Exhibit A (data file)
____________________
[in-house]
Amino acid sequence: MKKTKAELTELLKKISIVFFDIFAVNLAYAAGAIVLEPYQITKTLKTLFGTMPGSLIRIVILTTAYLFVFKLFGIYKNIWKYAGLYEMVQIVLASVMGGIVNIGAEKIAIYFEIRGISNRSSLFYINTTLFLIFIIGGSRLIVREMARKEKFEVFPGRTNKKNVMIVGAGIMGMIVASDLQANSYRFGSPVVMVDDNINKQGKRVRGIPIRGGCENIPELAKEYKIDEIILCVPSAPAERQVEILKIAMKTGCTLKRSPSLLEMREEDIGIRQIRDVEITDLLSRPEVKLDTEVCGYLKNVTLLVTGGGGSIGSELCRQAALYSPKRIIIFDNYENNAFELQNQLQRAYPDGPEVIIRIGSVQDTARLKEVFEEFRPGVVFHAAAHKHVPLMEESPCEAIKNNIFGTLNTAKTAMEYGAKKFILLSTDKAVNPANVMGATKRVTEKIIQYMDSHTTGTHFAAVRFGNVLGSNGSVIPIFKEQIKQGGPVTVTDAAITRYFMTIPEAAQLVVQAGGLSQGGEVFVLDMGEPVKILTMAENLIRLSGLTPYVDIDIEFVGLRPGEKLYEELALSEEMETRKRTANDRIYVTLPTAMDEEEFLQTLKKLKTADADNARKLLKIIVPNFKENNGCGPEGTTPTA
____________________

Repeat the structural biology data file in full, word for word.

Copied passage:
[in-house]
Amino acid sequence: MKKTKAELTELLKKISIVFFDIFAVNLAYAAGAIVLEPYQITKTLKTLFGTMPGSLIRIVILTTAYLFVFKLFGIYKNIWKYAGLYEMVQIVLASVMGGIVNIGAEKIAIYFEIRGISNRSSLFYINTTLFLIFIIGGSRLIVREMARKEKFEVFPGRTNKKNVMIVGAGIMGMIVASDLQANSYRFGSPVVMVDDNINKQGKRVRGIPIRGGCENIPELAKEYKIDEIILCVPSAPAERQVEILKIAMKTGCTLKRSPSLLEMREEDIGIRQIRDVEITDLLSRPEVKLDTEVCGYLKNVTLLVTGGGGSIGSELCRQAALYSPKRIIIFDNYENNAFELQNQLQRAYPDGPEVIIRIGSVQDTARLKEVFEEFRPGVVFHAAAHKHVPLMEESPCEAIKNNIFGTLNTAKTAMEYGAKKFILLSTDKAVNPANVMGATKRVTEKIIQYMDSHTTGTHFAAVRFGNVLGSNGSVIPIFKEQIKQGGPVTVTDAAITRYFMTIPEAAQLVVQAGGLSQGGEVFVLDMGEPVKILTMAENLIRLSGLTPYVDIDIEFVGLRPGEKLYEELALSEEMETRKRTANDRIYVTLPTAMDEEEFLQTLKKLKTADADNARKLLKIIVPNFKENNGCGPEGTTPTA